SINGAPORE: COVID-19 has completely altered our lives. There is a general anticipation life will return to some semblance normalcy with a COVID-19 vaccine.
Whether that is true remains to be seen, but vaccination will be an important step towards this goal.
We are now closer to that stage. After months of anticipation, one or two vaccines may soon enter mass production. This is an incredible feat of science.
READ: Commentary: Great news, the first approved COVID-19 vaccine is here. But don't throw away your masks yet
Moderna has announced a rolling review for its vaccine with the Health Sciences Authority, our regulatory body for health products. In addition, the Singapore Government has been working really hard to ensure that Singapore has access to these vaccines.
Singapore will work towards securing a portfolio of vaccines to cater to different segments of population, given the multiple factors that come into play regarding vaccine distribution including the lack of data concerning the sustainability of the immunity of particular COVID-19 vaccines, Health Minister Gan Kim Yong had said in November.
CHALLENGES IN COVID-19 VACCINE DEPLOYMENT
Still, there are several challenges in deploying a COVID-19 vaccine.
Vaccines can protect the individual as vaccination reduces their risk of disease. They can also be used to create herd immunity, a situation where the number of people left to be infected is so small, the spread of the virus is curbed.
Challenges in vaccine deployment include deciding who gets priority for an initial limited doses of vaccines and how do we vaccinate enough to achieve herd immunity.
WATCH: At least 6 in 10 need COVID-19 vaccine to achieve herd immunity in Singapore: Experts | Video
THE BUSINESS COMMUNITY IN HIGH ANTICIPATION
But the focus on logistics and triage may have obscured attention to whether Singapore residents would unquestionably accept a vaccination if a programme were to be rolled out.
We are some time away from that exercise but a keen understanding of prevailing concerns about taking a COVID-19 vaccine among a sizable population could inform the public communications strategy.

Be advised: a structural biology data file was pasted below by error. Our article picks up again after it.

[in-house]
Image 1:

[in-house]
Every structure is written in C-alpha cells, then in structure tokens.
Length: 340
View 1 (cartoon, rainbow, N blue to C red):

To do that, we engaged stakeholders from the healthcare sector, government, academia, and business to discuss a broad range of issues relevant to a national vaccination programme.
Unsurprisingly, the business community is in high anticipation as a vaccine will allow businesses to operate with fewer restrictions and allow networking activities, a critical part of operations, to resume.
Showing a high level of confidence in the science, healthcare professionals and scientists we spoke to also noted that recent vaccine clinical trial data shows the vaccine to be safe.
However, all stakeholders recognised that mandating vaccination is not a practical approach. One participant suggested increasing vaccination uptake by tying it to incentives, for example, relaxing current workplace restrictions for businesses whose staff have been vaccinated. However, this may give rise to ethical issues if some workers refuse vaccination.
A survey of 515 respondents in September by Professor Eric Finkelstein at Duke-NUS Medical School found that 20 per cent or more respondents do not want to be vaccinated even if this is free.
More detailed, robust and nationally representative studies will be required but these statistics are bearing out in other preliminary surveys in Singapore. In our own pilot study using Facebook Survey involving 78 respondents, one in five also said that they will never want to be vaccinated.
SENTIMENTS AMONG FACEBOOK USERS TOWARDS COVID-19 VACCINES GENERALLY POSITIVE
Online chatter might not be representative of overall public attitudes but can provide a glimpse into what people are thinking.
In an analysis of COVID-19 related Facebook posts made by the three major English news outlets in Singapore (Straits Times, CNA and Today) over Aug 27 to Nov 27, Dr Aravind Sesagiri Raamkumar of the Saw Swee Hock School of Public Health analysed comments on 100 COVID-19 vaccine posts using both qualitative and quantitative techniques.
We found expressed sentiments to be generally positive, with two or more positive sentiments expressed for every negative sentiment.